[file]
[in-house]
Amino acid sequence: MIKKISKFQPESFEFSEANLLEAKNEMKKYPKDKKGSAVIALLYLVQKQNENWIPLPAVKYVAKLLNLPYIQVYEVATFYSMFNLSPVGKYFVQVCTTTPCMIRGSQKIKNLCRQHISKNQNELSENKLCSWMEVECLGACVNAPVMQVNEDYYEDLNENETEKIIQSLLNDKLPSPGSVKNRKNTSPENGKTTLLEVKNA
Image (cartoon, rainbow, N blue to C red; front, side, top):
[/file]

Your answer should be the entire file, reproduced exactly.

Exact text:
[in-house]
Amino acid sequence: MIKKISKFQPESFEFSEANLLEAKNEMKKYPKDKKGSAVIALLYLVQKQNENWIPLPAVKYVAKLLNLPYIQVYEVATFYSMFNLSPVGKYFVQVCTTTPCMIRGSQKIKNLCRQHISKNQNELSENKLCSWMEVECLGACVNAPVMQVNEDYYEDLNENETEKIIQSLLNDKLPSPGSVKNRKNTSPENGKTTLLEVKNA
Image (cartoon, rainbow, N blue to C red; front, side, top):